Actress Bianca Kajlich was down to $20 in her bank account and had spent the day riding the roller coaster at Magic Mountain. It was her way of saying goodbye to Hollywood and returning to her native Seattle to try some other field.
“I got home and there were 11 messages on my answer machine saying, ‘You need to be in San Diego tomorrow morning. They’ve let someone go, and you’re the replacement in the movie ‘Bring it On.’”
“That’s literally been the story of my career. I’m always the second choice. And you know what? I’m more than happy to be that person,” she says in her dressing room at Sony Pictures Studios.
She was not the first choice to play the young fiancee on the CBS sitcom “Rules of Engagement” either. Someone else had been cast in the pilot. And when Kajlich showed up to audition she was pitted against four other women who didn’t look anything like her.
“We couldn’t have been more different. There was a Spanish girl with an accent, a girl who was blonde and blue-eyed. I thought, ‘Oh my God, they’re just going to throw it against the wall and see who sticks.’”
Fortunately Kajlich has managed to stick not only in “Rules of Engagement,” but “Dawson’s Creek,” “Boston Legal,” “Vanished” and several movies.
Five minutes with her and you wonder how she did it. Kajlich isn’t anything like a TV star. There’s much more Seattle about her than Hollywood.
When she left home for Los Angeles she packed up her old Honda Prelude (the left side had been bashed in in a “fender bender,”) and her mom followed with the family Suburban loaded with Kajlich’s possessions. They kept in touch via walkie-talkie.
Once in L.A., she may have been second choice, but she got work within six months, and a small part in “10 Things I Hate About You” earned a Screen Actors Guild membership.
“That all happened pretty quickly,” she says. “The good thing about it was I was so naive that I never even considered the idea I would fail. So I blindly set out to do it and I guess that’s the right way to go about it.”
Kajlich, 31, hails from a close knit family. Her dad, who is ailing, is an anesthesiologist and her mom is an RN who teaches nursing. She has a sister and a brother. It was a tragic accident in her brother’s life that imbued Kajlich with a sound sense of priorities.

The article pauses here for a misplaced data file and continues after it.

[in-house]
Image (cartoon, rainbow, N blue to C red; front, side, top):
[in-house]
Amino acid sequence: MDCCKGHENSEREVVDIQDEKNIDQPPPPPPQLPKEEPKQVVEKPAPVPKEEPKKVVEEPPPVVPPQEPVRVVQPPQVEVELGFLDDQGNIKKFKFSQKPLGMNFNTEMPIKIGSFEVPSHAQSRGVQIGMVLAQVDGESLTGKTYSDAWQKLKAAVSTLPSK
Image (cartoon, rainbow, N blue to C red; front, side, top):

“In 2003 he was hit by a subway in Prague and lost both of his legs,” she says. “It made me realize that we take for granted every step we take, and my brother now has to physically challenge himself to take each step in his prosthetic.
“It made me realize we’re so hard on ourselves and our bodies and we don’t realize truly the miracle that occurs with actions that we do, each gesture we make ... I feel like we’re so critical about how we look, and we’re always obsessing about those last couple of pounds or we don’t particularly like a certain part of our body. But when you watch someone you love very much go through the loss of parts of their body, you just become so grateful for every part of yourself.”
Her dad’s lifelong heart disease (resulting in three surgeries) has forged her resilience. “He’s never once complained. And I think that’s taught me and my brother and sister that no matter what you’re going through in life there’s always somebody who has it worse, and to play the victim doesn’t really hurt anyone but yourself.
“I think that all three of us siblings feel that anything you want to do in your life you can achieve as long as you take responsibility for it,” she says.
“It’s easy when you’ve had difficulty or strife in your life to look at other people who seem like they’ve had it easier. But the thing we forget is that it is all relative and each person’s experience is uniquely their own, so that the worst thing they may be going through is truly the worst thing for them ... it’s just about having compassion. Everyone is truly going through things, fighting their own battle. Why we make it so difficult for others is beyond me because we’re all in it together and that’s the truth.”